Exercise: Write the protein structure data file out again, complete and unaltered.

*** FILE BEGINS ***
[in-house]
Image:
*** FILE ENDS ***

[in-house]
Image: